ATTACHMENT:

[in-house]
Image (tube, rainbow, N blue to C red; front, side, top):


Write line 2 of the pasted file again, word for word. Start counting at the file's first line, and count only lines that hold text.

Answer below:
Image (tube, rainbow, N blue to C red; front, side, top):